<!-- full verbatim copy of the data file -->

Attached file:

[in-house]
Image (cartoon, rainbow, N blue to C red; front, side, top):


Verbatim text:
[in-house]
Image (cartoon, rainbow, N blue to C red; front, side, top):